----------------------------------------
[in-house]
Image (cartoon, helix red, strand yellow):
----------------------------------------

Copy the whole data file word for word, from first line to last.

[in-house]
Image (cartoon, helix red, strand yellow):